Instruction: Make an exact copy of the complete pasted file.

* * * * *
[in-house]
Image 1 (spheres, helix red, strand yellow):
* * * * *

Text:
[in-house]
Image 1 (spheres, helix red, strand yellow):